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Finding a tangent line to a level curve - Don't understand solution

  1. Apr 17, 2013 #1
    1. The problem statement, all variables and given/known data
    If f(x,y) = xy, find the gradient vector [itex]\nabla f(3,2)[/itex] and use it to find the tangent line to the level curve f(x,y) = 6 at the point (3,2)

    2. Relevant equations

    3. The attempt at a solution
    \Rightarrow\nabla f(x,y)=<y,x>,\nabla f(3,2)=<2,3>[/itex]
    [itex]\nabla f(3,2)[/itex] is perpendicular to the tanget line, so the tangent line has equation
    [itex]\nabla f(3,2)\cdot<x-3,y-2>=0[/itex]... and so on

    I understand that the dot product must be 0 if the two vectors are perpendicular.
    What I don't get is how they pick the vector <x-3, y-2> given that the point were concered with is (3,2)
  2. jcsd
  3. Apr 17, 2013 #2

    Simon Bridge

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    As opposed to doing: <2,3>.<x,y>=0 you mean?
    The set of vectors that are perpendicular to <2,3> lie in a plane don't they?
  4. Apr 17, 2013 #3
    yeah they're in a plane. But <x-3,y-2> is not a plane?
  5. Apr 17, 2013 #4

    Simon Bridge

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    If it were [the plane perpendicular to <2,3>] then the dot product would be zero for every value of x and y so the relation would be useless.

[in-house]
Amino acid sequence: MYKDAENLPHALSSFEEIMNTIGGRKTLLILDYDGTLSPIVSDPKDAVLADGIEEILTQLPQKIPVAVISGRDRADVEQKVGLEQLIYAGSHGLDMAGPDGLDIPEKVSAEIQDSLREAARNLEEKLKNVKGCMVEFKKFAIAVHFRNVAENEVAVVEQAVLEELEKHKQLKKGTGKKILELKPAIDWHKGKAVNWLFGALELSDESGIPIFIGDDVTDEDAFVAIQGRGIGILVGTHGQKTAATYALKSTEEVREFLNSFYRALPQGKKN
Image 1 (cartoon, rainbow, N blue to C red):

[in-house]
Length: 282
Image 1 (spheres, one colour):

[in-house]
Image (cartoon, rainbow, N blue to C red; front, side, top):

It follows that just knowing that <2,3> is perpendicular to the tangent you want is not good enough - you need a way to select the one you want out of the whole plane. How would you go about that? What is special about this tangent?
  6. Apr 17, 2013 #5


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    hi mrcleanhands! :smile:
    if (x,y) lies on the tangent plane, then the vector from (3,2) to (x,y) is a tangent at (3,2), and is parallel to <x-3, y-2> :wink:
  7. Apr 17, 2013 #6
    I see, it has to lie on the point (2,3) which you get by taking a line from (3,2) to (x,y)

    thanks to both of you!
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